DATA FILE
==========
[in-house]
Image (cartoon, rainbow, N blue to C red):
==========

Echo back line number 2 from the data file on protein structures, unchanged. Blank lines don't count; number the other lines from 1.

Image (cartoon, rainbow, N blue to C red):